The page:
I RETURN the papers with some corrections. I did not find coal mines under the calcareous rock in Derbyshire. I only remarked, that at the lowest part of that rocky mountain, which was in sight, there were oyster shells mixed with the stone; and part of the high county of Derby being probably as much above the level of the sea, as the coal mines of Whitehaven were below, it seemed a proof that there had been a great Bouleversement in the surface of that island, some part of it having been depressed under the sea, and other parts, which had been under it, being raised above it. Such changes in the superficial parts of the globe, seemed to ine unlikely to happen, if the earth were solid to the centre. I therefore imagined that the internal parts might be a fluid more dense, and of greater specific gravity than any of the solids we are acquainted with; which therefore might swim in or upon that fluid. Thus the surface of the globe would be a shell, capable of being broken and disordered by the violent movements of the fluid on which it rested. And, as air has been compressed by art so as to be twice as dense as water, in which case, if such air and water could be contained in a strong glass vessel, the air would be seen to take the lowest place, and the water to float above and upon it; and, as we know not yet the degree of density to which air may be compressed, and M. Amontons calculated, that its density encreasing as it approached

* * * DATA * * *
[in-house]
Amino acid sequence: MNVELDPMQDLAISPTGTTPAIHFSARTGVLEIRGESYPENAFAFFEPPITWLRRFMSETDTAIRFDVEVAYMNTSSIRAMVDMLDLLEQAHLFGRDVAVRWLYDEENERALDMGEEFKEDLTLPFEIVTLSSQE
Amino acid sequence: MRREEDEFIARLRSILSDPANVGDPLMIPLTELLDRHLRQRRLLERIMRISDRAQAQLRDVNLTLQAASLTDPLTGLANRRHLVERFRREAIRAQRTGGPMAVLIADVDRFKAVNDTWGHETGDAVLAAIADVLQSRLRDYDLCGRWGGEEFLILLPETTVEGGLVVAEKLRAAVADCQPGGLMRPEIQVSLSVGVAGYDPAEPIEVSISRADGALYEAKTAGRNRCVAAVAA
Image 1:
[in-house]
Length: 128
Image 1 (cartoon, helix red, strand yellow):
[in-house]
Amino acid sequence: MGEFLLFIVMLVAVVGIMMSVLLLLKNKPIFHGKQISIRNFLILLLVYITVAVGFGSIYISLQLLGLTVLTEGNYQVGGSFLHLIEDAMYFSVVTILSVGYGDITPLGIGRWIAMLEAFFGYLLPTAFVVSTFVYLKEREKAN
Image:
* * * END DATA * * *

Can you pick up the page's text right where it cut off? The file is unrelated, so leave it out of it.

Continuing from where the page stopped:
the centre in the same proportion as above the furface, it wouIdV at the depth of leagues, be heavier than gold, possibly the dense fluid occupying the internal parts of the globe might be. air compressed. And as the force of expansion in dense air when* heated, is in proportion to its density; this central air might afford another agent to move the surface, as well as be of use in keeping alive the central fires: Though, as you observe, the sudden, rarefaction of water coming into contact with those fires, may be an agent sufficiently strong for that purpose, when acting between the incumbent earth and the fluid on which it rests. If one might indulge imagination in supposing how such a globe was focmedr I should conceive, that all the elements in separate particles, being originally mixed in confusion, and occupying a great space, they would (as soon as the Almighty Fiat ordained gravity, or the mutual attraction of certain parts, and the mutual repulsion of other parts, to exist) all move towards their common centre: That the air being a fluid- whose ports repel each other, though drawn to the common centre by their gravity, would be densest towards the centre, and rarer as more remote; consequently all bodies, lighter than the central parts of that air, and immersed in it, would recede from the centre, and rise till they arrived at that region of the air, which was of the same specific gravity with themselves, where they would rest;, while other matter, mixed with the lighter air, would descend, and the two meeting would form.the shell of the first.earth, leaving the upper atmosphere nearly clear. The original, mo ve» ment of the parts towards their common centre would form a whirl there;. which would continue in the turning of the new formed globe upon its axis, and the greatest diameter of. the shell would be in its equator. If by any accident afterwards the axis should be changed, the dense internal fluid, by altering its form, must burst.the. shell and throw all its. substance into the confusioa in which we find it. I will not.trouble you at present with my fancies, concerning the manner of forming the rest of our system* Superior beings smile at one theories, and at our presumption in making them. L will just mention that your observation of the ferruginous .nature of the lava which is thrown out from the depths of our volcanoes, gave me great pleasure. It has long.